seemed too far; but you yourself led me the first step of the way, and
I have steadily kept my eyes on you, and followed it. When I had learned
my trade, I came to the city. No labor was too hard for me, no study too
difficult. I was becoming a new man, I saw all that was still lacking,
and how to reach it, and I watched you, unknown, at a distance. Then I
heard of your engagement: you were lost, and something of which I had
begun to dream, became insanity. I determined to trample it out of my
life. The daughter of the master-builder, whose first assistant I was,
had always favored me in her society; and I soon persuaded her to love
me. I fancied, too, that I loved her as most married men seemed to love
their wives; the union would advance me to a partnership in her father’s
business, and my fortune would then be secured. You know what happened;
but you do not know how the sight of your face planted the old madness
again in my life, and made me a miserable husband, a miserable man of
wealth, almost a scoffer at the knowledge I had acquired for your sake.

“When my wife died, taking an only child with her, there was nothing
left to me except the mechanical ambition to make myself, without you,
what I imagined I might have become, through you. I have studied and
travelled, lived alone and in society, until your world seemed to be
almost mine: but you were not there!”

The sun had risen, while they sat, rocking on their frail support. Her
hand still lay in his, and her head rested on his shoulder. Every word
he spoke sank into her heart with a solemn sweetness, in which her whole
nature was silent and satisfied. Why should she speak? He knew all.

Yes, it seemed that he knew. His arm stole around her, and her head was
drawn from his shoulder to the warm breadth of his breast.

Something hard pressed her cheek, and she lifted her hand to move it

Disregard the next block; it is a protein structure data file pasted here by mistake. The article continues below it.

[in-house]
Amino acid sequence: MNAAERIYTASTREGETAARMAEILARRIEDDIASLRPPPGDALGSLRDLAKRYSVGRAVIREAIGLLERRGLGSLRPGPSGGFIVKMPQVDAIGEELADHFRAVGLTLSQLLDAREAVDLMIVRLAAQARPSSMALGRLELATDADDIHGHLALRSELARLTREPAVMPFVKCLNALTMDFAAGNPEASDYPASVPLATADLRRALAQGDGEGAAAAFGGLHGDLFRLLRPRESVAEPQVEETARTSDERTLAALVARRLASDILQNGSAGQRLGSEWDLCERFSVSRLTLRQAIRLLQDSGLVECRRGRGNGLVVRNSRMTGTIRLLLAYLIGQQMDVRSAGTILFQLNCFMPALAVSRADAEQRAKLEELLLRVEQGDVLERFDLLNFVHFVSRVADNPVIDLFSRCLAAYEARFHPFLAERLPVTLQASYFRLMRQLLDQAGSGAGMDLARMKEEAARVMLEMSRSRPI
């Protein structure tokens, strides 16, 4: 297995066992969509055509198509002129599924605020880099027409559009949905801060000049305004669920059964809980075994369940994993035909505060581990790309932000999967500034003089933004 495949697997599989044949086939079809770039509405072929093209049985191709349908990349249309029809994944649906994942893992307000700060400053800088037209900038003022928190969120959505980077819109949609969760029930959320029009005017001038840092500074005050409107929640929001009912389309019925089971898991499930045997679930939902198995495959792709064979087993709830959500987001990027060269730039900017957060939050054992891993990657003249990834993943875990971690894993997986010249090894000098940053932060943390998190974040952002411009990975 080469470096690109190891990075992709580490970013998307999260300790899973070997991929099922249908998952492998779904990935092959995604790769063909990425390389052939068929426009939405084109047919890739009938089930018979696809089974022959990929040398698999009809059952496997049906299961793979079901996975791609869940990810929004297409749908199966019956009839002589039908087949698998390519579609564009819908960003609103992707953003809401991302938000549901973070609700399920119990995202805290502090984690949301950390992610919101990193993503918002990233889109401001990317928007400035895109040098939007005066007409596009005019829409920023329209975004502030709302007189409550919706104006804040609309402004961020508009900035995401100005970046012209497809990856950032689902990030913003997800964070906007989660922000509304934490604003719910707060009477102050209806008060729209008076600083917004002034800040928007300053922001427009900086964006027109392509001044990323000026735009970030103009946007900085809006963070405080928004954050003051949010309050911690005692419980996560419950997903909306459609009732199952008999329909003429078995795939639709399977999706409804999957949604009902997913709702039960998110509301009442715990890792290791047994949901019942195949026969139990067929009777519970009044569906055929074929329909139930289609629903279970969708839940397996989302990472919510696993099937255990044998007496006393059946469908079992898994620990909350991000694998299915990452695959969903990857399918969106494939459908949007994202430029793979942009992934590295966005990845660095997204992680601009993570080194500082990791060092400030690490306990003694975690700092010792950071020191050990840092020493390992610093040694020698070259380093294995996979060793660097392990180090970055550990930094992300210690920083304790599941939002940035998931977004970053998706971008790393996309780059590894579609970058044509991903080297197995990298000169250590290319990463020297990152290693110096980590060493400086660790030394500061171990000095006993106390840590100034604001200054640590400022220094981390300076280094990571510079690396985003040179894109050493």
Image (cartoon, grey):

aside. He drew forth a flat medallion case; and to the unconscious
question in her face, such a sad, tender smile came to his lips, that
she could not repress a sudden pain. Was it the miniature of his dead

He opened the case, and showed her, under the glass, a faded, pressed

“What is it?” she asked.

“The Brandywine cowslip you dropped, when you spoke to me in the lane.
Then it was that you showed me the first step of the way.”

She laid her head again upon his bosom. Hour after hour they sat, and
the light swells of the sea heaved them aimlessly to and fro, and the
sun burned them, and the spray drenched their limbs. At last Leonard
Clare roused himself and looked around: he felt numb and faint, and he
saw, also, that her strength was rapidly failing.

“We cannot live much longer, I fear,” he said, clasping her closely in
his arms. “Kiss me once, darling, and then we will die.”

She clung to him and kissed him.

“There is life, not death, in your lips!” he cried. “Oh, God, if we
should live!”

He rose painfully to his feet, stood, tottering? on the raft, and looked
across the waves. Presently he began to tremble, then to sob like a
child, and at last spoke, through his tears:

“A sail! a sail!--and heading towards us!”


Mr. Editor,--If you ever read the “Burroak Banner” (which you will find
among your exchanges, as the editor publishes your prospectus for six
weeks every year, and sends no bill to you) my name will not be that of
a stranger. Let me throw aside all affectation of humility, and say that
I hope it is already and not unfavorably familiar to you. I am informed
by those who claim to know that the manuscripts of obscure writers are
passed over by you editors without examination--in short, that I must
first have a name, if I hope to make one. The fact that an article of
three hundred and seventy-five pages, which I sent, successively, to the
“North American Review,” the “Catholic World,” and the “Radical,” was in
each case returned to me with MY knot on the tape by which it was tied,
convinces me that such is indeed the case. A few years ago I should not
have meekly submitted to treatment like this; but late experiences have
taught me the vanity of many womanly dreams.

You are acquainted with the part I took (I am SURE you must have seen
it in the “Burroak Banner” eight years ago) in creating that public
sentiment in our favor which invested us with all the civil and
political rights of men. How the editors of the “Revolution,” to which
I subscribe, and the conventions in favor of the equal rights of women,